I have heard and had many conversations about today’s kids. Many of these conversations have led to the conclusion that kids are just not as responsible as we were when we grew up. Well that is at least the way we often view it from our memory right?
Recently I had a discussion with a few good friends that took on a life of it’s own and just maybe a different approach as to the reason for the lack of responsibility. What began as a discussion about what is the appropriate age that kids can be left at home, sent to the store, even given a cell phone for example, quickly became a walk down memory lane and the realization that maybe our kids lack of confidence, security, and responsibility could in fact be our fault. As the discussion continued, talk turned to the fact that maybe we are not giving them opportunities to demonstrate good judgement. Maybe we are not putting our children in roles of responsibilities. Maybe their perceived responsibilities are no fault of their own. Maybe this perception is not all that accurate. Maybe it stems from our perceived fears. Maybe our lack of trust of society and in people, has stifled our kids ability to demonstrate their responsibilities.
Then the big question and discovery. Were we this guarded or protected at our kids ages? Did our parents trust us more? Were we really as responsible as kids as we like to believe we were?
I can remember as a kid having the trust of my parents to be out of their sight. Growing up, we often went on bike rides. Sometimes in big groups that would have rivaled any poker run, sometimes in small groups and even on individual rides. These rides would span multiple miles and have us rolling into the neighboring communities anywhere from six to eight miles away. We would ride the back roads, the railroad tracks, and at times the main routes of US 36 and State Route 416. We would play all day in neighboring towns, then spend the afternoon riding home.
I had a conversation while driving a couple of these routes recently with my wife. We spent time discussing whether or not we would let our kids take such rides. With a resounding no and a look that I would be crazy to even consider allowing this to occur, not that I would, this conversation was short lived, as we both came to the conclusion that it was a different world now. However, the fact of the matter is, maybe our fears lie in the ability to trust and for we as parents to trust our children, we have to provide the opportunity for our children to display responsibility.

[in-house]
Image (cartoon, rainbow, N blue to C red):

Other opportunities that seemed like such simple tasks, often we have sheltered our kids from in today’s society. When I think back to my childhood I can recall my parents giving me a couple of dollars and sending me off to the local store, Old Fashion Goshen Dairy, to be exact to purchase a loaf of bread, a gallon of milk, whatever may have been needed. I also recall pumping gas into the family vehicle, and filling gas cans to mow the grass. I like many of the neighborhood kids, completed these tasks daily, thinking nothing of these tasks. Quite frankly independence and responsibility were expected. It was the norm rather than today’s exception. I go back to the fact that we say that kids are not as responsible, well maybe it comes to the permission and trust we grant. It is a daily struggle as to when we can leave them home alone, when we can send them to the store, and other places possibly all by themselves.
What I find amazing is that as parents today, we are often protective of the environment that we allow our children to exist in, but yet hand them a device that puts them in far more uncontrollable environments. I find the world wide web and it’s much further reaches much more frightening than allowing our children to take a ride or run an errand to the store.
None of these decisions are easy. I guess I am just trying to keep in mind, that for our children to demonstrate that they are responsible, they have to be provided the opportunities to demonstrate this life skill. Here’s to sending my daughter in for a loaf of bread, hope she brings back my change! :)
“Parents can only give good advice or put them on the right paths, but the final forming of a person's character lies in their own hands.”
― Anne Frank
Inventory your family as to how you allow your children to demonstrate responsibility. Sit down with your child(ren) and discuss what your expectations and boundaries are for your family. Give your child when you deem ready to demonstrate this responsibility on their own or maybe with a group of peers.